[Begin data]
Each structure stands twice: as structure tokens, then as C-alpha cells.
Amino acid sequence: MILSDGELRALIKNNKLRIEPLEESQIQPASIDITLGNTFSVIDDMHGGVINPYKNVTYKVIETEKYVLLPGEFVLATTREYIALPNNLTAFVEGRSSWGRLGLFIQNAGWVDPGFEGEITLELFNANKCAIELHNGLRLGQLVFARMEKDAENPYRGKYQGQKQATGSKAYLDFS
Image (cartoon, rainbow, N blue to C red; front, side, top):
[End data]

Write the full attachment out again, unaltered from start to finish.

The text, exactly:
Each structure stands twice: as structure tokens, then as C-alpha cells.
Amino acid sequence: MILSDGELRALIKNNKLRIEPLEESQIQPASIDITLGNTFSVIDDMHGGVINPYKNVTYKVIETEKYVLLPGEFVLATTREYIALPNNLTAFVEGRSSWGRLGLFIQNAGWVDPGFEGEITLELFNANKCAIELHNGLRLGQLVFARMEKDAENPYRGKYQGQKQATGSKAYLDFS
Image (cartoon, rainbow, N blue to C red; front, side, top):